“Things I’ve Learned from Lately” is a regular compilation of articles that have made me a smarter social media marketer. Hopefully, they’ll help you, too.
The Post-Social World – Bran Easter writes in iMedia that channels are merging. What’s digital is becoming social. What’s everything else is becoming digital. We’re entering an era in which consumer needs will be delivered with no action required by the consumer. Marketers can’t think b channel. They need to think about how all conversations are integrated.
Key Takeaway: A marketer’s challenge is not to understand the channels. It’s to understand how people use the channels and identifying how the brand can help be part of a consumer’s solution before they know there’s a problem.
Marketing with Consumers – Marketers are starting to look at their consumers in a new way—as collaborators to help build the brand. SmartBlog shares five steps to becoming a more collaborative brand, including audit your audiences, engage your core, align your content, do it faster/smarter/better and commit to collaboration.
Key Takeaway: One thing that separates social media marketing from other approaches is the ability to have a back-and-forth dialogue with consumers. This can be approached as a challenge, or it can be embraced as an opportunity to create better customer experiences because they’ve been involved in the process.
Social Data for Business Decisions – Social data is increasing its influence in business decisions. Recent findings uncovered the fact that CMOs are more heavily using social data in their operations as a way of informing how their businesses function as a whole. According to Sloan Review, this has the potential to fortify and strengthen the position of the CMO within organizations.
Key Takeaway: The concept of big data has been a hot topic for some time, and social media is one of the key drivers behind this influx of data. Some business leaders are figuring out how to harness it and use it to guide business decisions. As this mindset spreads across the leadership of companies, beyond the CMO, the standard decision-making framework may be in for big changes.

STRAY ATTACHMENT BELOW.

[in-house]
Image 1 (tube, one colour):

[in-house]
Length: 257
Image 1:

Foursquare’s Uncertain Future – Tero Kuittinen cites a recent Bloomberg Businessweek article revealing Foursquare’s financial woes. Foursquare had all of the hype behind it in the world at the beginning, but it still needed to get $41 million in loans to survive. It still has a great deal of data that could be used for advertising, but its appeal for users has waned.
Key Takeaway: Nothing is forever, and this is one example of a platform with a great deal of hype at the beginning that’s now struggling and may go away. I’m still bullish on Foursquare’s potential as a local search engine. Assuming, it doesn’t take on too much debt, I wouldn’t be surprised if it gets acquired. For marketers, the lesson is that nothing in the social space lasts forever. Today’s hype may be tomorrow’s failure.
The Courage to Change - CNN Money chronicles the shift Facebook took in “figuring out a wireless strategy.” Facebook completely reorganized, and Zuckerberg was forced to go against his own instincts to do what was right. It involved a culture-change and a buy-in across the organization to think holistically about the Facebook experience across devices.
Key Takeaway: Facebook was in a really interesting position. Arguably, it changed the world when it came out and was revolutionary in terms of what it did to the Web, but only a few years later, it found itself being forced to change or become irrelevant. It decided to change and have a mobile-first approach. The decision wasn’t easy, and the slow approach wasn’t one Zuckerberg was accustomed to taking. Still, they did it. Now, they’re seeing just how much their efforts will pay off. Whether you like Facebook, Zuckerberg and Facebook’s direction or not, you can’t say they haven’t been bold in their decision-making. Something many businesses today can’t say for themselves.